Following the thaw, life has returned to more normal routines, and everyone has been emerging from the Siberian blast with their accounts of having been snowed in. Here in the uplands of Northumberland National Park, the snow lay siege and fell continuously for several days. As the wind picked up, we watched as blizzards bowled across the fields, kicking up the snow in great clouds of spray, despositing deep drifts against anything vertical in its way. We lost track of the track and the garden became a scooped out hollow. Every time we looked out of the window, it was still snowing, and the deposits accumulated in exaggerated lumps and mounds like a rising tide.
It was impossible to travel, an effort to even walk to the top of the track as far as the single rack road, which was drifted in anyway. Life stripped back to the absolute basics, tending to the necessary and the immediate; the simple tasks of making a meal, digging a path through the snow to the woodshed, feeding the birds, bringing in the logs, brushing snow off boots, drying waterproofs. There was time and space to appreciate simple things. Time slowed like a pulse rate to a natural rhythm of quietly unfolding activity. In the bitter temperatures, comforts seemed more deeply appreciated; warm bread, dry socks, the logs burning in the stove. Golden oak leaves lying on the path and the egg yellow trumpets of daffodils on the windowsill sang out in a landscape erased of colour. On a late afternoon walk, a hare dashed from cover and its fleeting form hovered along a line of snow banked up against a stone wall, insubstantial, barely touching the surface, as if running in thin air, a moving clip of film. In silence, thin veils of gauzy snowflakes continued the steady pulse of precipitation, adding to a growing sense of transparency and space within which life became regulated.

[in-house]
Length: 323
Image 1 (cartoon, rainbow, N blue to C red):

Perhaps it is because ordinarily so much more of our time is spent on the move, covering greater distances, walking more easily and quickly, traveling further afield, accomplishing a wider range of tasks, and the mind and the senses stimulated by a greater variety of subjects, that the contrast of life in the snow seemed so highlighted. It aroused different reactions. People loved or hated it, surrendered to the slowed pace of life or felt cabin fever. But there was no choice. Perhaps the real “beast from the east” was more a reflection of our inability to slow down and adjust to the severity of the prevailing weather conditions, the withdrawal of distraction.
In the quietness following the blizzards, I suddenly heard a nuthatch, its fluting call ringing out with a confident, urgent insistence, itself an invitation to wake up to the detail of a temporarily transformed world. The thaw soon began, a slow yielding, the snow receding and revealing things just as they had been left before. The amount of rising moisture generated a cloudy mistiness that coated the air and permeated the snow itself, compacting and shrinking it, softening the hard contours and releasing the trees, creating room to breathe. Grasses reappeared in the field as a messy tangle, the perfection of the snow giving way to the juicy mess of life beneath and the natural order of things, and slowly our human life and activity following in its wake, with its renewed possibilities.